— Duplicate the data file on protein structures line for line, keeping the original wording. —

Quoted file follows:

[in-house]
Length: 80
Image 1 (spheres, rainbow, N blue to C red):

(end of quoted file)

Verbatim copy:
[in-house]
Length: 80
Image 1 (spheres, rainbow, N blue to C red):